pipe drilling

I have to drill some 1/2 inch hole though some 3/4 inch thin wall brass
tube. Small drills do fine but when I reach the larger sizes I have
problems. I drill a small hole as a guide and then follow it up with a
larger bit. The larger bit does fine going through the first side of the
brass but when it reaches the second hole it just catches and freezes. It
will grab and really pull the pipe out of shape or if I hold the pipe
tightly the drill just stops.
I could drill one side and then turn it over but I am worried because I have
to run a pipe through the holes and they really have to line up.
Any suggestions on how to get a straight smooth hole though thin brass pipe?
(I am using twist drills made for meta in a cheap drill press)
Reply to
Leonard & Peggy Brown
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Going one step further I would also drill a block of wood for the tubing with it's dowel to go into and then drill through the block as a guide the brass it's dowel and into the block of wood again.
Reply to
Beecrofter
OK, non-rigid setup, regular drills, problems guaranteed with brass. Like the other fellow said, you'll need to modify your drills. The other problem is the thickness of the material and the size of the hole. One way to do this is to pour some low melting-point alloy into the tube and then drill, should cut down on burrs inside. I hope there's not going to be a lot of stress on that assembly, there's very little metal going to be left when you get done. You might want to consider soldering a sleeve on the outside to strengthen things up before drilling. If the hole's got to be smooth, you'll want to drill undersized and ream to finished size, too.
Stan
Reply to
Stan Schaefer
No surprise there. The lips are contacting the far wall first due to the curvature. One will grab before the other, and off you go.
If you can drill a pilot hole all the way through, the holes should still be in line when you enlarge them from either side. You can then pass a reamer completely through to ensure the holes are in line.
My best suggestion would be to use a holesaw.
Gary
Reply to
Gary Coffman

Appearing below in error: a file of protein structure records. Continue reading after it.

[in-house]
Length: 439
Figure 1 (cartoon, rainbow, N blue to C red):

Drill a 3/4 inch hole through the center of a block of square wood. insert the tubing and retain with a little hot glue. Drill from each side with a slightly undersize drill then ream to size.
When your holes are done, melt the hot glue and go to the next piece.
-- Roger Shoaf If you are not part of the solution, you are not dissolved in the solvent.
Reply to
Roger Shoaf
Greetings,
Take a small sharpening stone and put a thin flat surface on the cutting edge (where the flute meets the tips). This will prevent the drill from grabbing in brass. You only need to flatten a few thou. Brass cuts better with zero rake, doesn't matter if it's a drill or a lathe bit.
If this isn't clear, take a look at:
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I have a set of drills with the tips done this way for brass, makes a world of difference.
Once you have done this, the bit isn't much good for other materials. Just figured I should warn you so you expect to have to either sharpen the bit back to original configuration for steel drilling or at least don't use your most expensive bit for this :-)
Cheers, Stan
Roger Shoaf wrote:
Reply to
Stan Stocker
This should be his first 'fix' and it will probably cure his problems.
Or, as you do, have one index that has "Brass Drills" written on it, if one does a lot of work in brass. And every time you need that size, flat the rake with the pedestal grinder. Eventually the index will be full of brass drills!
Jim
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Reply to
jim rozen

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